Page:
2017 Chick, Duck, and Turkey List

Chick Day Availability

April 1, 2017


Sexed Breeds:


Ameraucana Pullets

Blue/Green eggs


Barred Rock Pullets

Brown eggs


Black Australorp Pullets

Brown eggs


Black SexLink Pullets

Brown eggs


Blue Andalusian Pullets

White eggs


Buff Orpington Pullets

Brown eggs


Cuckoo Maran Pullets

Dark Brown eggs


Delaware Pullets

Brown eggs


Golden Laced Wyandotte Pullets

Brown eggs


Golden SexLink Pullets

Brown eggs


Rhode Island Red Pullets

Brown eggs


Speckled Sussex Pullets

Brown eggs


Welsummer Pullets

Brown eggs


Non-Sexed Breeds:


Bantams (Assorted, Non-Sexed)


Broilers (Non-Sexed):


White Broilers (7-8 weeks) and Red Broilers (11-12 Weeks) available throughout the season.


Ducks (Non-Sexed):

Rouen, Runner, Khaki Campbell, Golden 300, Welsh Harlequin


Turkeys (Non-Sexed):

Broad Breasted Bronze, Broad Breasted White Turkeys arrive April 22 and May 20.

Heritage Breeds: Blue Slate, Royal Palm, Bourbon Red, and Black Turkeys arrive April 22.



Baby Chick Care

All of our baby chicks are started on water that contains a vitamin and electrolyte supplement.  Adding colored marbles to the water trough for the first week reduces the risk of baby chicks drowning and can increase their interest in drinking.  We recommend feeding pullets (immature hens) a chick starter with 18% protein that is medicated to reduce coccidiosis, a stress-caused condition.  Broiler chicks should be fed a non-medicated starter/grower feed with 18-20% protein.  Grit is not required unless chicks are fed whole, rolled, or cracked grains. More…

Baby Duck or Turkey Care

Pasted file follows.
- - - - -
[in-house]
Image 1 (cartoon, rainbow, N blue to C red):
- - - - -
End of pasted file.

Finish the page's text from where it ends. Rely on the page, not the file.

Baby ducks are somewhat more hardy than baby chicks or turkey poults, but they still need to be handled gently and without stress.  Keep them at about 85 – 90oF for the first week.  Watch them; ducks love to get everything wet, including themselves, which can lead to a chill.  For this reason, we don’t recommend raising them together with baby chickens or turkeys.  Provide plenty of bedding to absorb the water.  More…

Chickens in Dallas

Chicken Permitted in the City of Dallas


In January 2010, the City of Dallas revises the Development (zoning) Code to allow back-yard chickens in residential neighborhoods inside City limits!


Horses: Let Them Eat Hay

In the wild, horses are forage animals. Their digestive systems are specially designed to process low-protein, high-fiber foods on a continuous basis. Unlike humans, horses don’t have gall bladders to accumulate digestive enzymes between meals and then release them as needed. As a result, horses are not well suited to eating only once or twice a day. More…

Poultry Terms

Here are some poultry terms you’ll want to know:


Most people know that baby chickens are called chicks, but did you know that female chicks are called pullets and male chicks are called cockerels? A pullet becomes a hen only after she has produced her first egg. A mature cockerel is a rooster. More…

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